Second, a new writer needs to spend a lot of time finding her voice. The written voice determines a million different choices on everything from what to write about to how to structure a sentence. Voice is not something you go shopping for, but something you hear inside of your own head. A writer’s voice must be authentic to the writer; it is an extension of her personality, experiences and worldview. By way of analogy, when a person speaks, she may change the pitch and volume of her voice and may even have the ability to affect various accents, but all of that tonal manipulation is still within the context of her own natural voice.

It takes time and effort to sort through all of the noise and to get past the voices or styles that are too self-aware, pretentious or imitative to come off as genuine to a reader. It is a fascinating exercise to look at the early voices and styles of experienced writers and to realize how they evolved over time into the writers they became. There is a lot of trial and error, a lot of experimenting, a lot of imitation, a lot of pretending, and a lot of rejection that goes on behind the scenes before the new writer ceases to be a “new” writer and finds that comfortable groove of expression.

Finally, creative writing, like any art, requires the mastery of a medium of expression. Artistic passion is never sufficient. The painter must learn how to use color and shape. The musician must learn how master an instrument in order to make the right note at precisely the right time. The dancer must train muscle to shape meaning. The new writer must develop a working intimacy with language. She only has twenty-six letters to use. The words she makes with those letters must be arranged in a particular sequence, one that will best accomplish her objective, whether that is describing ancient Rome or a thriving colony on Mars, building suspense, sowing distrust, seducing empathy, inviting sorrow or provoking laughter. There is a skill to writing a sentence. There are mechanics to the art of storytelling. All of that requires work.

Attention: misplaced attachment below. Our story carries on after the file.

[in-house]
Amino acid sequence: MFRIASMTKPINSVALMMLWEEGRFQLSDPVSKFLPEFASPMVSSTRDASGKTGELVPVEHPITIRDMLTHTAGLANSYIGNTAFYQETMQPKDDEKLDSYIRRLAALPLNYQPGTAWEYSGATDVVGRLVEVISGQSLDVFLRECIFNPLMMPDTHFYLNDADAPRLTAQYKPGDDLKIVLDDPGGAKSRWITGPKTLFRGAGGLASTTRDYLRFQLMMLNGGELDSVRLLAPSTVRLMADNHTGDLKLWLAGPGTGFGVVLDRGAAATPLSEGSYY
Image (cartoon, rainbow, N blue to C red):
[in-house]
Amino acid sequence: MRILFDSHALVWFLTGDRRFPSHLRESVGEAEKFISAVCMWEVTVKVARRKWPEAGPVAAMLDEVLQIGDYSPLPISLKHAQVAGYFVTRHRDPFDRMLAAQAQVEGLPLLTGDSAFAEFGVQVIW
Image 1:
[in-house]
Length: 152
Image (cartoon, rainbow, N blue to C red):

So my advice to new writers would be to try kick the ‘commerce’ part of writing out of the room. Try to write from a place of genuine enthusiasm for writing. Avoid efforts to reverse engineer a creative existence from a success that you do not yet have or, worse, from the success of some other writer. Avoid ‘writing to sell’. Write for the love of writing. Hone your craft. Find an authentic voice. Be original. Take some risks. Amaze yourself. Enjoy yourself. The rest will follow.

When you take a break from writing, is it a full and total break or is your mind constantly parsing the world for fodder? What does that parsing look like? How does it make you feel as an artist? As a human being?

It is only a slight exaggeration to say that I am always writing. Putting words onto a computer screen, or editing those words, is only the last part of the process I consider to be writing. Writing is an extension of thinking and imagining. Writing is a process of distillation; bringing ideas, characters, plot lines and so on out of the head and into the world of language. Getting those ideas into the conscious brain and shaping them requires a lot of head time.

I spend a lot of time in which I am not fully present in the real world because I am thinking about whatever I am writing. Alternatively, I spend a lot of time actively mining the real world for things that I can use in the imagined world I am constructing, not unlike those guys you see wandering the aisles of Home Depot drawing things in the air with their fingers and muttering things like: I need a thingy about so long that has a little hook on the end and it bends enough to fit into a hole in that damn countertop at an angle of about sixty-one degrees. And forest green; it needs to be forest green. So there is a lot of writing to be done when I am not sitting at a computer. Taking a break from writing is a difficult idea for me to accept.